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Publication numberUS4977938 A
Publication typeGrant
Application numberUS 07/352,406
Publication dateDec 18, 1990
Filing dateMay 16, 1989
Priority dateMay 16, 1989
Fee statusLapsed
Publication number07352406, 352406, US 4977938 A, US 4977938A, US-A-4977938, US4977938 A, US4977938A
InventorsEwell E. Greeson
Original AssigneeGreeson Ewell E
Export CitationBiBTeX, EndNote, RefMan
External Links: USPTO, USPTO Assignment, Espacenet
Cutting guide for portable router
US 4977938 A
Abstract
A cutting guide for hand-held routers has a guide fence which pivots about a base. The guide fence engages a workpiece and provides a steady support for a variety of routing operations including bevelling or chamfering, splining, rabbeting, dadoing and edging. The cutting guide also has an after-cut guide to provide additional support.
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Claims(16)
What is claimed is:
1. An accessory for a router having a bit, comprising:
a base having an opening;
first means for mounting the router on said base with the bit of the router extending through said opening of said base;
second means for receiving the workpiece and facilitating alignment of the bit and the workpiece as the workpiece is cut by the bit, said second means including a guide fence defining a guide fence opening therethrough along an edge of said guide fence for allowing projection of the bit of the router; and
hinge means for coupling said guide fence to said base along said edge of said guide fence having said opening, and establishing a hinge axis on a surface of said base proximate to said opening of said base, about which said hinge axis said guide fence is pivotable between a horizontal position wherein said guide fence is parallel to said surface of said base and a vertical position wherein said guide fence is perpendicular to said surface of said base.
2. The invention of claim 1, wherein said first means for mounting the router includes means for selectively positioning the bit of the router proximate to the workpiece as the workpiece is received by said guide fence.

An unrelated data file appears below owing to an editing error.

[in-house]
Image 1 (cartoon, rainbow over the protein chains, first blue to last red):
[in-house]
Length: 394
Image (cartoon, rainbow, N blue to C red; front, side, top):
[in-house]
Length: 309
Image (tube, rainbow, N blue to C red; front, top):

3. The invention of claim 1, including an after-cut guide releasably attached to said base for closely receiving a surface of the workpiece after the workpiece has been passed over the bit of the router.
4. The invention of claim 1, including means for preventing the guide fence from maring a finished surface of the workpiece.
5. The invention of claim 4, wherein said means for preventing the guide fence from marring a finished surface of the workpiece comprises a riser plate of non abrasive material removably affixed to a surface of said guide fence which receives said workpiece.
6. The invention of claim 5, wherein said nonabrasive material is plastic.
7. The invention of claim 1, wherein said guide fence has a flange extending perpendicularly therefrom along said edge where said guide fence is coupled by said hinge means to said base.
8. The invention of claim 7, wherein said flange extends along said guide fence from an end of said guide fence which first receives the workpiece to said guide fence opening.
9. The invention of claim 8, further comprising a filler guide fixedly attached to said base along said hinge axis at an end of said guide fence opposite said end of said guide fence which first receives the workpiece.
10. The invention of claim 9, wherein said filler guide comprises a plate having the same thickness a said flange.
11. The invention of claim 1, including releasable means for rigidly maintaining said guide fence in selected positions between said horizontal position and said vertical position.
12. The invention of claim 11, wherein said releasable means comprises:
at least one rigid member having an end fixedly attached to said guide fence; and
releasable lock means for locking at least one said rigid member to said base.
13. An apparatus comprising:
a base having an opening therethrough to allow for extension of a bit of a router;
means for mounting the router on said base with the bit of the router extending through said base;
a guide fence for receiving a workpiece and facilitating alignment of the workpiece and router bit as the workpiece is cut by the router bit; and
hinge means coupling said guide fence to said base, and establishing a hinge axis on a surface of said base proximate to said opening of said base, about which said hinge axis said guide fence is pivotable between a horizontal position wherein said guide fence is parallel to said surface of said base and a vertical position wherein said guide fence is perpendicular to said surface of said base.
14. The invention of claim 13, wherein said means for mounting the router on said base includes means for selectively positioning the bit of the router proximate to the workpiece as the workpiece is received by said guide fence.
15. The invention of claim 13, including releasable means for rigidly maintaining said guide fence in selected positions between said horizontal position and said vertical position.
16. An apparatus comprising:
a plate base having a top surface and a bottom surface, and defining an opening;
means for mounting a router having a bit on said top surface of said plate base with the router bit projecting through said opening of said plate base perpendicular to said bottom surface of said plate base, said means for mounting having means for selectively positioning said router bit along a line perpendicular to a direction which the router bit will move across a workpiece;